• Adair LS, Fall CHD, Osmond C, Stein AD, Martorell R, Ramirez-Zea M, Sachdev HPS, Dahly DL, Bas I, Norris S, Micklesfield L, Hallal P, Victora C and the COHORTS group. Associations of linear growth and relative weight gain during early life with adult health and human capital in countries of low and middle income: findings from five birth cohort studies. Lancet 2013; 382: 525-34. PMID: 23541370
  • Krishnaveni GV, Veena SR, Srinivasan K, Osmond C, Fall CHD. Linear growth and fat and lean tissue gain during childhood: associations with cardiometabolic and cognitive outcomes in adolescent Indian children. PLoS One 2015; 10: e0143231. PMID: 26575994.
  • De Beer M, Vrijkotte GM, Fall CHD, van Eijsden M, Osmond C, Gemke RJBJ. Associations of Infant Feeding and Timing of Weight Gain and Linear Growth During Early Life with Childhood Blood Pressure: Findings from a Prospective Population Based Cohort Study. PLoS One 2016 11; e0166281. PMID: 27832113.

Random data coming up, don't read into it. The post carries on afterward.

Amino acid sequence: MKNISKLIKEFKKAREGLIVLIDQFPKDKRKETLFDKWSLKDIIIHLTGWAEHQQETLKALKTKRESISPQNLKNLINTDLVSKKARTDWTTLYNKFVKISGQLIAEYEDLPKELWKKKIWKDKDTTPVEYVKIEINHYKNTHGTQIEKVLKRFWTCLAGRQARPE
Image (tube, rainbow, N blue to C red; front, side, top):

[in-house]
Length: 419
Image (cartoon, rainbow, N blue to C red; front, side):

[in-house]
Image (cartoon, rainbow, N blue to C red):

• Vasan SK, Roy A, Samuel VT, Antonisamy B, Bhargava SK, Alex AG, Singh B, Osmond C, Geethanjali FS, Karpe F, Sachdev HPS, Agrawal K, Ramakrishnan L, Tandon N, Thomas NJ, Premkumar PS, Asaithambi P, Princy SFX, Sinha S, Paul TV, Prabhakaran D, Fall CHD. IndEcho study: Cohort study investigating birth size, childhood growth and young adult cardiovascular risk factors as predictors of mid-life myocardial structure and function in South Asians. BMJ Open 2018:8:e019675. doi:10.1136/bmjopen-2017-019675. PMID: 29643156
  • Antonisamy B, Vasan SK, Geethanjali FS, Gowri S, Hepsy FS, Richard J, Raghupathy P, Karpe F, Osmond C, Fall CHD. Weight gain and height growth during infancy, childhood, and adolescence as predictors of adult cardiovascular risk. J Pediatr 2017; 180: 53-61. PMID: 27823768.
  • Fall CHD, Victora C, Eriksson JG, Osmond C. Disentangling the contributions of childhood and adult weight to cardiovascular disease risk. Commentary on a historical reprint for IJE on: Abraham S, Collins G, Nordsieck M. Relationship of childhood weight status to morbidity in adults. HSMHA Health Reports 1971; 86: 273-84. Int J Epidemiol 2016; 45: 1031-6. PMID: 27498298